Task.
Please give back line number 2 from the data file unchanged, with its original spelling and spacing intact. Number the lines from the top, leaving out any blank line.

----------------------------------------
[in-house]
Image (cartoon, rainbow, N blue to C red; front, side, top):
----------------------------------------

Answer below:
Image (cartoon, rainbow, N blue to C red; front, side, top):